The suspect - a member of the Quds Force, an elite unit of Iran's Revolutionary Guards - was detained in the Kurdish city of Sulaimaniyah, the military said.
He was allegedly involved in transporting roadside bombs, including armor-piercing explosively formed penetrators, or EFPs, into Iraq, according to a statement. It said intelligence reports also indicated he was involved in the infiltration and training of foreign fighters in Iraq.
Officials have said the Bush administration is expected to soon blacklist the Quds force as a terrorist organization, subjecting part of the vast military operation to financial sanctions. The move would be in response to Iranian action in Iraq and elsewhere.
Also Thursday, the No. 2 U.S. commander in Iraq a 7-month-old security operation has reduced violence by 50 percent in Baghdad, but he acknowledged that civilians were still dying at too high a rate.
The comments came as relations between the U.S. and Iraqi governments remained strained in the wake of Sunday's shooting involving Blackwater USA security guards, which Iraqi officials said left at least 11 people dead. Prime Minister Nouri al-Maliki suggested the U.S. Embassy find another company to protect its diplomats.
The North Carolina-based company has said its employees acted "lawfully and appropriately" in response to an armed attack against a State Department convoy.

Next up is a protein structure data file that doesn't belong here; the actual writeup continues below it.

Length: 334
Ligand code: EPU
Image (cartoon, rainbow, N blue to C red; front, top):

But a survivor who said he was three cars away from the convoy denied the American guards were under fire, claiming they apparently started shooting to disperse more than two dozen cars that were stuck in a traffic jam.
Lt. Gen. Raymond Odierno told reporters that car bombs and suicide attacks in Baghdad have fallen to their lowest level in a year, and civilian casualties have dropped from a high of about 32 to 12 per day.
He also said violence in Baghdad had seen a 50 percent decrease, although he did not provide details about how the numbers were obtained and said that was short of the military's objectives.
Al Qaeda in Iraq was "increasingly being pushed out of Baghdad, "seeking refuge outside" the capital and "even fleeing Iraq," Odierno said.
Iraqi military commander Lt. Gen. Abboud Qanbar said that before the surge, one-third of Baghdad's 507 districts were under insurgent control.
"Now, only five to six districts can be called hot areas," he said. "Al Qaeda now is left only with booby-trapped cars and roadside bombs as their only weapons, which cannot be called quality operations, and they do not worry us."
The assessment contradicts a message released Thursday in the form of a Web video, in which al Qaeda's second in command touts the "defeat" of American military efforts in both Iraq and Afghanistan.
In other developments: